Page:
Move comes as director's Dh2.6m payoff is criticised
BBC head of news and deputy step aside amid scandal fallout
LONDON // The BBC's news chief and her deputy have "stepped aside" while the broadcaster deals with the fallout from a child-abuse scandal, the broadcaster said yesterday.
Helen Boaden, the BBC's director of news and current affairs, and her deputy, Steve Mitchell, handed over their responsibilities to others for the time being "to address the lack of clarity around the editorial chain of command", the broadcaster said.
"Consideration is now being given to the extent to which individuals should be asked to account further for their actions and if appropriate, disciplinary action will be taken," the BBC added.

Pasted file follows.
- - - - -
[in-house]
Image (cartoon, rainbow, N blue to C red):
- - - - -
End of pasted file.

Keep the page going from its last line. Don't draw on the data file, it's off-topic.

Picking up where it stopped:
Fran Unsworth, the head of newsgathering, is to assume Ms Boaden's duties and Ceri Thomas, the editor of BBC radio's Today news programme, will serve as deputy, the BBC said.
The move comes after the resignation on Saturday of the BBC's director general, George Entwistle, after a BBC news programme reported false allegations that a former top politician sexually abused children.
The corporation's governing body, the BBC Trust, confirmed on Sunday that Mr Entwistle would receive a payoff of £450,000 (Dh2.6 million), a year's salary.
It says the settlement took into consideration that Mr Entwistle would continue working on BBC business, including two inquiries in the child-abuse scandal.
But Conservative Party MP John Whittingdale, chairman of the House of Commons committee on culture, media and sport, said he was surprised by the settlement and called for an explanation.